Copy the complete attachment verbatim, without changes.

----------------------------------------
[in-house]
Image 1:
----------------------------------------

[in-house]
Image 1: